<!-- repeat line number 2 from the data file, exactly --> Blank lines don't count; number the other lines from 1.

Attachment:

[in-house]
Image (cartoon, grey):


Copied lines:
Image (cartoon, grey):